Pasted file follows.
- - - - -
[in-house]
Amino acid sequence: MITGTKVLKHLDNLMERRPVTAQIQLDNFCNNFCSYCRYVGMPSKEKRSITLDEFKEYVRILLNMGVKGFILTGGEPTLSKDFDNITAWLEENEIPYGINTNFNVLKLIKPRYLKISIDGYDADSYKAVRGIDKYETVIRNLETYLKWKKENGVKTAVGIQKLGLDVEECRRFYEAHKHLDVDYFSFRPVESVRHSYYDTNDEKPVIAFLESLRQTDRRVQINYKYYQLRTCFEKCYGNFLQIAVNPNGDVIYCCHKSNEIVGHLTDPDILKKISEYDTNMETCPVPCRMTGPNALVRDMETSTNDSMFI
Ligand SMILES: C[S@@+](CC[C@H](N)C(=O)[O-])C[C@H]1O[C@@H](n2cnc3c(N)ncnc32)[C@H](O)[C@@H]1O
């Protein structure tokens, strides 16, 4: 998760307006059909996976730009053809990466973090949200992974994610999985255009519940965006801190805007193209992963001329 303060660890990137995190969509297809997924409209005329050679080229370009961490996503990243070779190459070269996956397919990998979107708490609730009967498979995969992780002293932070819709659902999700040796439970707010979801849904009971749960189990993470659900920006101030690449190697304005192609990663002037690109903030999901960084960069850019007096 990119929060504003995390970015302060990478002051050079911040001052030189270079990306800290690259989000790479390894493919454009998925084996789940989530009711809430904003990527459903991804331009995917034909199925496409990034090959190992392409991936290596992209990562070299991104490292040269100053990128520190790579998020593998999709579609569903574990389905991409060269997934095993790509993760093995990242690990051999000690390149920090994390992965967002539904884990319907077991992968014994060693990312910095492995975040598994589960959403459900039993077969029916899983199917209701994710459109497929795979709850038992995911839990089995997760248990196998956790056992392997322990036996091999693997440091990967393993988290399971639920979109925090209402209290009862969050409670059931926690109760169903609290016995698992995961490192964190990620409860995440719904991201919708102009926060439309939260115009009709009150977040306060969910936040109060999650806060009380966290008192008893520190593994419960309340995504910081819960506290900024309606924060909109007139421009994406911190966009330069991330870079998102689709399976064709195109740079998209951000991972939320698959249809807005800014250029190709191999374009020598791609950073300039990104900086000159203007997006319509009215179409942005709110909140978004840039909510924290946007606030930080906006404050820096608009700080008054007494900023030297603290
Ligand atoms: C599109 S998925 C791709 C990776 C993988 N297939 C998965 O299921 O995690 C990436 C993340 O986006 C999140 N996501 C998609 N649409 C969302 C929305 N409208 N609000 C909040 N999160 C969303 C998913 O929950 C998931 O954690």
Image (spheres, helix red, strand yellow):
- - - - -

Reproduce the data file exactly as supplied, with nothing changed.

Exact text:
[in-house]
Amino acid sequence: MITGTKVLKHLDNLMERRPVTAQIQLDNFCNNFCSYCRYVGMPSKEKRSITLDEFKEYVRILLNMGVKGFILTGGEPTLSKDFDNITAWLEENEIPYGINTNFNVLKLIKPRYLKISIDGYDADSYKAVRGIDKYETVIRNLETYLKWKKENGVKTAVGIQKLGLDVEECRRFYEAHKHLDVDYFSFRPVESVRHSYYDTNDEKPVIAFLESLRQTDRRVQINYKYYQLRTCFEKCYGNFLQIAVNPNGDVIYCCHKSNEIVGHLTDPDILKKISEYDTNMETCPVPCRMTGPNALVRDMETSTNDSMFI
Ligand SMILES: C[S@@+](CC[C@H](N)C(=O)[O-])C[C@H]1O[C@@H](n2cnc3c(N)ncnc32)[C@H](O)[C@@H]1O
């Protein structure tokens, strides 16, 4: 998760307006059909996976730009053809990466973090949200992974994610999985255009519940965006801190805007193209992963001329 303060660890990137995190969509297809997924409209005329050679080229370009961490996503990243070779190459070269996956397919990998979107708490609730009967498979995969992780002293932070819709659902999700040796439970707010979801849904009971749960189990993470659900920006101030690449190697304005192609990663002037690109903030999901960084960069850019007096 990119929060504003995390970015302060990478002051050079911040001052030189270079990306800290690259989000790479390894493919454009998925084996789940989530009711809430904003990527459903991804331009995917034909199925496409990034090959190992392409991936290596992209990562070299991104490292040269100053990128520190790579998020593998999709579609569903574990389905991409060269997934095993790509993760093995990242690990051999000690390149920090994390992965967002539904884990319907077991992968014994060693990312910095492995975040598994589960959403459900039993077969029916899983199917209701994710459109497929795979709850038992995911839990089995997760248990196998956790056992392997322990036996091999693997440091990967393993988290399971639920979109925090209402209290009862969050409670059931926690109760169903609290016995698992995961490192964190990620409860995440719904991201919708102009926060439309939260115009009709009150977040306060969910936040109060999650806060009380966290008192008893520190593994419960309340995504910081819960506290900024309606924060909109007139421009994406911190966009330069991330870079998102689709399976064709195109740079998209951000991972939320698959249809807005800014250029190709191999374009020598791609950073300039990104900086000159203007997006319509009215179409942005709110909140978004840039909510924290946007606030930080906006404050820096608009700080008054007494900023030297603290
Ligand atoms: C599109 S998925 C791709 C990776 C993988 N297939 C998965 O299921 O995690 C990436 C993340 O986006 C999140 N996501 C998609 N649409 C969302 C929305 N409208 N609000 C909040 N999160 C969303 C998913 O929950 C998931 O954690």
Image (spheres, helix red, strand yellow):